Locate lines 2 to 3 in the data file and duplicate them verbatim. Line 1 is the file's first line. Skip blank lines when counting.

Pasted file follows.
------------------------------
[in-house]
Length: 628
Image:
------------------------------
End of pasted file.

Length: 628
Image: